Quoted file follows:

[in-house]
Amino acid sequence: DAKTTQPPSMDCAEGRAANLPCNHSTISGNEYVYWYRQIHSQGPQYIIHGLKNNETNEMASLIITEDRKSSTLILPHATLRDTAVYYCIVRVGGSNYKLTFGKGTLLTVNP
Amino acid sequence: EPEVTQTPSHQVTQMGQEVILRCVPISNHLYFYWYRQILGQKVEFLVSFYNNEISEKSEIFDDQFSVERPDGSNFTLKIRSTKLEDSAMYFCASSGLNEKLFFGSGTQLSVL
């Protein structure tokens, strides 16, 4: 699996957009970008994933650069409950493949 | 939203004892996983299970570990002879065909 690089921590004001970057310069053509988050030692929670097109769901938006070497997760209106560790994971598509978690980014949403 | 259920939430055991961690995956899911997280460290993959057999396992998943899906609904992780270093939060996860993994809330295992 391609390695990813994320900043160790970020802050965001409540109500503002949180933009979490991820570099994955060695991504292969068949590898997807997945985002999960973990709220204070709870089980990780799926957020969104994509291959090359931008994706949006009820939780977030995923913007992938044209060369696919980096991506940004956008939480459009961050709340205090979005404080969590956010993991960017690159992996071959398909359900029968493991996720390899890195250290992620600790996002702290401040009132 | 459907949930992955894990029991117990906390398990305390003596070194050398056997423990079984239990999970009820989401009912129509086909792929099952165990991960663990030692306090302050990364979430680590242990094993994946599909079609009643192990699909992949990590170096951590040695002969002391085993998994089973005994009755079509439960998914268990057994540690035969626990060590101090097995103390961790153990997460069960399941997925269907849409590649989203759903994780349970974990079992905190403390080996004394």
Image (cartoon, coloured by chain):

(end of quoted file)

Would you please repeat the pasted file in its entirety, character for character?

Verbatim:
[in-house]
Amino acid sequence: DAKTTQPPSMDCAEGRAANLPCNHSTISGNEYVYWYRQIHSQGPQYIIHGLKNNETNEMASLIITEDRKSSTLILPHATLRDTAVYYCIVRVGGSNYKLTFGKGTLLTVNP
Amino acid sequence: EPEVTQTPSHQVTQMGQEVILRCVPISNHLYFYWYRQILGQKVEFLVSFYNNEISEKSEIFDDQFSVERPDGSNFTLKIRSTKLEDSAMYFCASSGLNEKLFFGSGTQLSVL
């Protein structure tokens, strides 16, 4: 699996957009970008994933650069409950493949 | 939203004892996983299970570990002879065909 690089921590004001970057310069053509988050030692929670097109769901938006070497997760209106560790994971598509978690980014949403 | 259920939430055991961690995956899911997280460290993959057999396992998943899906609904992780270093939060996860993994809330295992 391609390695990813994320900043160790970020802050965001409540109500503002949180933009979490991820570099994955060695991504292969068949590898997807997945985002999960973990709220204070709870089980990780799926957020969104994509291959090359931008994706949006009820939780977030995923913007992938044209060369696919980096991506940004956008939480459009961050709340205090979005404080969590956010993991960017690159992996071959398909359900029968493991996720390899890195250290992620600790996002702290401040009132 | 459907949930992955894990029991117990906390398990305390003596070194050398056997423990079984239990999970009820989401009912129509086909792929099952165990991960663990030692306090302050990364979430680590242990094993994946599909079609009643192990699909992949990590170096951590040695002969002391085993998994089973005994009755079509439960998914268990057994540690035969626990060590101090097995103390961790153990997460069960399941997925269907849409590649989203759903994780349970974990079992905190403390080996004394």
Image (cartoon, coloured by chain):